NBA - Better Trades
Trades in the NBA are a fairly common occurrence. There's no prescribed date that makes it hot time to create better trades in professional basketball, although action does pick up a bit when the trade deadline approaches. Otherwise, any time is a good time for a general manager to propose better trades to a colleague.
Why would an NBA team want to make a trade to begin win? What is the genesis of these bettertrades? Is it reasonable to believe that general managers can sit around a hotel lobby or pick up a telephone and make an offer for another player? Yes, it happens all the time. Many of the sports legendary better trades occurred while general managers were having dinner together or enjoying a beverage in the lobby of a hotel.
The NBA is governed by a salary cap, which always comes into play whenever a bettertrade is proposed. This is different than major league baseball, which doesn't have a salary cap and allows member organizations to spend as much money as they wish. Baseball's free-wheeling structure also hampers the numbers of teams who are able to compete for the championship; it's primarily the big market teams with plenty of dough who are the ones in the championship picture each year. The NBA allows for a more competitive playoff field, since no team is capable to buying an all-star team and bankrolling its way into the title game.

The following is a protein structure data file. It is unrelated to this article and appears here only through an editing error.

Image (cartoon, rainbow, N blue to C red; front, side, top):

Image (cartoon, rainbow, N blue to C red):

There are many intricacies surrounding the NBA's salary cap rules, stipulations which make it trickier to create better trades. The main thing to remember is any team can sign their own free agents, regardless of the cost of the contract and regardless of their standing in the salary cap. This leads to many sign-and-trade agreements, a better trading technique that permits franchises to move players from one team to another and skirt the rules for the salary cap.
How do professional teams determine who gets traded? This is a component of better trades that falls in a gray area, since no one really knows the rationale behind a trade. Is it a better trade to send a small playmaking guard to another team in exchange for a brutish power forward? It all depends on the circumstances. Perhaps the first team had an overabundance of talent at guard, but needed some beef to hit the boards. In that case it will definitely be one of the better trades in the league.
An NBA team isn't afraid to make a bettertrade with one of its top players. Milwaukee traded Kareem Abdul-Jabbar. Atlanta traded Dominique Wilkins. Charlotte traded Kobe Bryant. Los Angeles traded Shaquille O'Neal. Philadelphia traded Wilt Chamberlain. All had their reasons at the time, but it usually doesn't turn out to be a better trade when a top NBA player is shipped to another club.
Sometimes teams can keep their rosters intact for years and years, while others are constantly in flux, as general managers attempt to make a series of better trades in order to catch up with the better teams. The good teams that retain their talent only consider bettertrades if a key piece of their team is injured or retires. The stability is one of the big reasons these teams remain at the top of the league each year.